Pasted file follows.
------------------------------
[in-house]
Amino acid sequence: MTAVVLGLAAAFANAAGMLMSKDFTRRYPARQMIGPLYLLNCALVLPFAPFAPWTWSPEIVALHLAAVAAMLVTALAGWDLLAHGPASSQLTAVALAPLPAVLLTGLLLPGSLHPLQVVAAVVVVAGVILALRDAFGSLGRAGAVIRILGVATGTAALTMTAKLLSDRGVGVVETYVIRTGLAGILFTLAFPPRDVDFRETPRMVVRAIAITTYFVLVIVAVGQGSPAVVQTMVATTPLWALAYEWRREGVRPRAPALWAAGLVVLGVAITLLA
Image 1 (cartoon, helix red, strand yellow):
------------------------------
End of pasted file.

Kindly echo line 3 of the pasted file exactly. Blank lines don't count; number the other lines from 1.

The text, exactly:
Image 1 (cartoon, helix red, strand yellow):